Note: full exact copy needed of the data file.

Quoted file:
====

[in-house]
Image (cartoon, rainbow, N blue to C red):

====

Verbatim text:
[in-house]
Image (cartoon, rainbow, N blue to C red):